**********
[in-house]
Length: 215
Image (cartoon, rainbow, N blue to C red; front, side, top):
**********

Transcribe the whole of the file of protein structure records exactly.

[in-house]
Length: 215
Image (cartoon, rainbow, N blue to C red; front, side, top):